However, I can confirm a report by Michael Gehlken of U-T San Diego that Royal agreed to restructure his contract to a reduced, more cap-friendly number. Royal’s 2014 salary was guaranteed at a lower number that allows him to recoup some of the lost salary through incentives.

The move creates more cap space for the Chargers to bring back other potential free agents, such as the recent re-signing of middle linebacker Donald Butler. Royal will become an unrestricted free agent in 2015.

Royal was a mainstay at slot receiver for the Chargers in 2013, developing a good rapport with quarterback Philip Rivers. Royal gamely played with turf toe for most of the season, missing just one game. He also provides versatility with an ability to return punts and kicks.

Last season, his most productive as a Charger, he finished with 47 receptions for 631 yards and a career-high eight touchdown catches.
SAN DIEGO -- Running back Ryan Mathews was not on the practice field for the early portion of practice on Friday, the first time he’s missed a Friday practice since suffering an ankle injury against Oakland three weeks ago.

Mathews’ absence is not a good sign for the San Diego Chargers, who need the bruising running back available to provide balance offensively.

Mathews ran for 127 yards, including a 23-yard touchdown, in a 27-20 win against Denver in December. If Mathews can’t go, Danny Woodhead and Ronnie Brown likely will split carries at running back for San Diego.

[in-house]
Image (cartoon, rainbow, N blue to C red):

Mathews appeared to tweak his ankle against Cincinnati last week. He carried the ball only one time in the second half of San Diego’s 27-10 playoff win against the Bengals.

Along with Mathews, guard Jeromey Clary (shoulder) and receiver Eddie Royal (toe) are not practicing on Friday.

The Chargers did receive some good news, with center Nick Hardwick (concussion) clearing the NFL’s concussion protocol and returning to practice on Friday. Hardwick had a helmet and went through individual drills with the first-unit offensive line during the early portion of practice, while Clary watched on the side.

Right tackle D.J. Fluker (ankle) also practiced for a second straight day.
SAN DIEGO -- Running back Ryan Mathews was one of two players listed as not practicing on the San Diego Chargers' injury report Wednesday.

Mathews wore a protective boot on his injured left ankle coming off of the field at the end of practice. But he says that everything is fine. Mathews did not practice most of last week but still played against Kansas City, rushing for a season-high 144 yards on 24 carries.